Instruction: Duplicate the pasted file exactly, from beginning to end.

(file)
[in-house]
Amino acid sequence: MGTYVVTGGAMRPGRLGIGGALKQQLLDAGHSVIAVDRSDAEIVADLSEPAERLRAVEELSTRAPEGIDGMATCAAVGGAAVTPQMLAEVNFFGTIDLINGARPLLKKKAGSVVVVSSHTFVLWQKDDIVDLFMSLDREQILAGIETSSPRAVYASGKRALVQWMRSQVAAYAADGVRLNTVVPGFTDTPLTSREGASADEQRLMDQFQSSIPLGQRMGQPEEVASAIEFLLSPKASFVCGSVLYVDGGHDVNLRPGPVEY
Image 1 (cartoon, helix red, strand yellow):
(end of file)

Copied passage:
[in-house]
Amino acid sequence: MGTYVVTGGAMRPGRLGIGGALKQQLLDAGHSVIAVDRSDAEIVADLSEPAERLRAVEELSTRAPEGIDGMATCAAVGGAAVTPQMLAEVNFFGTIDLINGARPLLKKKAGSVVVVSSHTFVLWQKDDIVDLFMSLDREQILAGIETSSPRAVYASGKRALVQWMRSQVAAYAADGVRLNTVVPGFTDTPLTSREGASADEQRLMDQFQSSIPLGQRMGQPEEVASAIEFLLSPKASFVCGSVLYVDGGHDVNLRPGPVEY
Image 1 (cartoon, helix red, strand yellow):